Does Lord Ashcroft want to be the Rupert Murdoch of polling?

10 Mar

Is Lord Ashcroft trying to carve out a niche for himself as the Rupert Murdoch of polling? In recent weeks Ashcroft’s started playing hard to get with the Conservatives while flirting with Labour. The pollster has distanced himself from the Conservative Party and stopped donating to them. Considering he’s donated £10 million to the Tories during Cameron’s leadership, that’s no small development. And there are reports that he’s met with Labour’s election strategist Douglas Alexander to discuss election strategy – much to the Labour leadership’s surprise.

For decades, securing the best media coverage has been thought of as crucial to parties’ electoral success. Lord Mandelson, in his witness statement to the Leveson Inquiry offered this on the subject: “In the run up to the 1997 election, naturally I was aware of the efforts being made to secure a friendly attitude by News International towards Labour but I was more on the margins of this activity as it was conducted principally by Mr. Blair and his press staff.”

It’s not just getting positive coverage that’s important any more though. Getting the best data on policies, party preferences, voters and so on is crucial. If you’ve got rich and accurate data, you can tailor campaigns and messaging much more effectively than if you’ve got outdated and superficial data. Obama’s presidential campaigns are the best examples of high quality data-based campaigning. In the UK, the very detailed data that the Lib Dems had in the Eastleigh by-election was widely reported as one of the most important reasons for their victory and the lack of it being a cause of the Tories’ demise.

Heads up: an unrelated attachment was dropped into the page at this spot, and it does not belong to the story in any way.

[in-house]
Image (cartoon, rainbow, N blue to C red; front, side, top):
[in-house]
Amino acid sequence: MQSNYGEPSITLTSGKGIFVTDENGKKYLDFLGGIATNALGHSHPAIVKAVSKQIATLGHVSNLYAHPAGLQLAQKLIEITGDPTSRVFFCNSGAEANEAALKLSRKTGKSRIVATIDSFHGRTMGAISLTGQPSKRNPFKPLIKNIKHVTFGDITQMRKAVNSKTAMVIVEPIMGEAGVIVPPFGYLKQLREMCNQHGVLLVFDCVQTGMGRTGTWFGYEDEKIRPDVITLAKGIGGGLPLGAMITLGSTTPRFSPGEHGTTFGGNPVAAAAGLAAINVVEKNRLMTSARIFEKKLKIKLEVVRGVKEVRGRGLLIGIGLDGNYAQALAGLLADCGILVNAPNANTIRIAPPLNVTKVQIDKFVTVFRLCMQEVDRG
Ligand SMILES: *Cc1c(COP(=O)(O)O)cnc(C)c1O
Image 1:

Getting better data than your opponents means doing better polling than your opponents. And Ashcroft is the individual best placed to offer the systems and funding needed to do the highest quality polling. It’s at least possible that Ashcroft’s realised that it’s at least as important that parties have good data as good media coverage and that he can position himself as the pollster that parties should try to ‘secure a friendly attitude with.’

The Leveson Inquiry concluded that Murdoch hadn’t sought political favours in return for positive media coverage. At the very least, we’re going to see accusations of parties trying to accommodate Ashcroft politically to make use of his polling in the same way that we did with Murdoch.

Ashcroft has already shown himself to be someone who gave money to the Tories when he thought they would promote policies he liked, then stopped his donations when things weren’t going his way. It’s arguable then that he’s similarly someone who’d offer his polling to parties and leaders he gets on with and withdraw it from those he doesn’t. As John McCain, Mitt Romney and the Eastleigh Tories have found out, it’s tough to win elections without the best data.

It’s important that the parties find ways of building up the detailed and rich data they need without being beholden to a particularly powerful and well-off pollster. How to do that is a question for another day but – in the spirit that when you identify a problem you should at least try to offer a solution – one way that could be done would be using their members to crowdsource the data. Members and volunteers would, I suppose, do the polling and then data analysts employed by the parties would draw out the lessons and electoral strategies. Now there’s a way to avoid the need for a Leveson-esque inquiry into the unhealthy relationship between politicians and data analysts in ten/twenty/thirty years.

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